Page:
Long Beach Comic Con This Weekend

Popular new California-based comics convention Long Beach Comic Con enters its second year this weekend. While dwarfed by the massive scale of San Diego Comic-Con, Long Beach hosted over 6,000 con-goers during its first year, and boasts an impressive slate of guests for such a young con, including comics creators Stan Lee, Howard Chaykin, J.H. Williams, Amanda Conner, Jeph Loeb, Mark Waid and Jimmy Palmiotti among others. Long Beach Comic Con takes place from October 29-31 at the Long Beach Convention Center located at 303 East Ocean Boulevard, Long Beach, CA. Admission is $30 for Saturday, $25 per day for Sunday and Friday, and $45 for the weekend, with children 10 and under entering free.

Gaiman's Death in Action Comics

The personification of Death from Neil Gaiman's classic Sandman graphic novel series will make a rare appearance opposite Lex Luthor in Action Comics #894. Written by rising star and Doctor Who veteran Paul Cornell, the issue will include some dialogue contributed by Gaiman, the character's creator and hits stands this Wednesday. Unlike other Vertigo characters entering mainstream DC Comics, Death remains a Vertigo property and is simply on loan. A pale young woman with black hair and gothic makeup, Gaiman's Death is an inherently sympathetic and gentle figure, unlike most portrayals of Death.

Graphic Novel Moon Lake Performed Live

Dan Fogler's horror graphic novel Moon Lake will be performed as a live multimedia radio play in a special Halloween performance at New York City's Cinema Village in Union Square on October 30. More details are available here.

Derek Kirk Kim Sells Off Original Art

Eisner-winning comics artist Derek Kirk Kim, co-creator of the acclaimed graphic novel Eternal Smile, has announced that for the first time, he is auctioning off some of his original art online in order to help pay his website bills.

Stan Lee Appears on Nikita

Comics legend Stan Lee, who has had a cameo in every major Marvel big screen movie yet, has recently made an another unannounced appearance on genre television – the CW's spy drama Nikita. Billed as “Hank Excelsior” he played a bystander being interviewed by a local news crew. More details – and video footage of his appearance – are available here.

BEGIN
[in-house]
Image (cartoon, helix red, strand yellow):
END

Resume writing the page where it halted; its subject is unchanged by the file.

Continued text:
Kids Comic Con Goes To Africa

Thanks to private donations through fundraising website Kickstarter, Alex Simmons' popular children's comics event Kids Comic Con and his exhibit, The Color of Comics, will be able to tour Senegal, educating and entertaining children abroad as well as at home. Simmons was asked to bring the event to Senegal, but lacked the funding to do so until Kickstarter made it possible.

Superman Lawsuits Rage On

The legal battle between the Siegel heirs and Warner Brothers / DC Comics, which has been under way since 2008, could continue for at least another 18 months. To recap, the Siegel family sued DC for the rights to Superman and DC, in return, has sued the Siegels' lawyer, Marc Toberoff. DC also will find itself embroiled in a rights reversion lawsuit from the Siegels if its next Superman movie does not enter production by 2011, which has led to the as-yet-untitled Superman reboot being rushed into being less than a decade after Superman Returns. More details are available here on Robot Six.

This Week @ Good Comics For Kids

This week School Library Journal’s blog Good Comics for Kids had a selection of Great Halloween Comics For Kids, a review of Dork Diaries: Tales from a Not-So-Popular Party Girl, what the GC4K bloggers are reading this week, a preview of Toy Story: Some Assembly Required, and the 10/20 roundup of good comics for kids.

This Week @ The Beat

This week PWCW editor Heidi MacDonald’s blog The Beat covered Disney going digital, quite possibly the worst superhero movie concept of all time – now in development, Superman Earth One, the question of whether or not Marvel is in fact lowering prices as promised at all, another culprit for the decline of comics, the secret history of Wonder Woman, Dan Clowes and multimedia, The Missing Kramer's Caper, Marvel month to month sales figures for August, the establishment of a new graphic novel prize in honor of Lynd Ward, Urasawa's Pluto on its way to the screen (may it do better than the Astroboy movie), Arnie Hammer – the man who would be Superman, straight talk with Image's Eric Stephenson, graphic novelist Sarah Glidden leaving for Iraq to fuel her next book, how – almost – to embed comics and the final verdict on Harvey Pekar's death.